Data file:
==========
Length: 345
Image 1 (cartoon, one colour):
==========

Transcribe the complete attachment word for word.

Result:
Length: 345
Image 1 (cartoon, one colour):